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Ceylon Rosewood

Ceylon Rosewood (AlbiziaOdoratissima)

Albiziaodoratissima commonly known as Ceylon Rose Wood or Black Siris is a multipurpose nitrogen fixing tree species belonging to the Leguminosae family.

The plant is native to the humid tropical parts such as India, Bangladesh, China, Myanmar and Sri Lanka. It is a large erect tree and attains a height of 22–26 m and diameter of 120–150 cm.

The timber of Albiziaodoratissima is hard, heavy and strong. Its heartwood is brown with lighter and darker streaks. The wood could be used for making cabinet, high-class heavy furniture, agricultural implements, carts and paneling.

Albiziaodoratissima produces valuable fuelwood, dead and defective branches from shade trees are a major source of fuel.

The tree utilizes the subsoil moisture and nutrients not available to plants and protects them from hail and rainstorms.

It is highly valued for shade and soil improvement in tea plantations of the Asian subcontinent.

Albiziaodoratissima is one of the preferred native species for plantation programs because of its greater adaptability to sites.

Tissue Culture Technology

Albiziaodoratissima is commonly propagated through seeds. However, the seeds are frequently infested by bruchids. The larvae of Bruchidiusbilineatopygus cause heavy damage to developing pods and seeds. Besides, wild stand seedlings are highly variable in terms of growth and biomass production. More uniform, healthy and vigorously growing planting stock of A. odoratissima that can benefit agroforestry systems can be obtained from vegetatively propagated superior trees.

Micropropagation technique could be used as a complimentary approach for rapidly establishing a clonal orchard from selected trees or control pollinated seeds from which further propagules will be produced by rooted cuttings.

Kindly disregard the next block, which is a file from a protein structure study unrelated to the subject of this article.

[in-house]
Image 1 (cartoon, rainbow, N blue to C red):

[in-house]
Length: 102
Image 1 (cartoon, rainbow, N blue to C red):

In addition, tissue culture technique could be a viable alternative to conventional vegetative propagation methods for mass multiplication, tree improvement programs on superior canopy characteristics and resistance to pests and diseases (Hossain, 1997).

Soil: It grows well in well drained loam, mild saline, lateritioc and black cotton soils.

Temperature: The optimum growth comes at 25 – 40 oC. It requires rainfall of 640 – 3000 mm

Spacing: Recommended spacing varies from 6 x 6 to 12 x 12 m. 300 to 600 plants can be accommodated.

Fertigation: They should be fertilized during planting. Recommended fertilization rates per plant are 10 kgs of Vermicompost, 200 g TSP, 2.5 kg wood ash and 1 kg slaked lime. For trees under 2.5 m height broadcast 300 grams TSP in a 1.5 m, up to 4 m height 333 grams TSP is applied to a 3 m diameter-circle around the tree. Fertilization should be repeated 3 times per year; April, June and August. On good sites 5-year-old trees can be 5 m in height and 14 cm in diameter. A mean annual diameter increment of 1.3 cm has been recorded for this species. A. odoratissima is classified as moderately light demanding. Juvenile trees require shade. Trees coppice well, shoots reaching a height of 3 m in 2 years. It is susceptible to fire, resistant to weed competition, drought and regenerates naturally in sheltered areas with good soil.

Harvesting: Our tissue culture plants can be harvested after 10 -12 of planting.

Yield: Approximately 160 to 170 tons/ha

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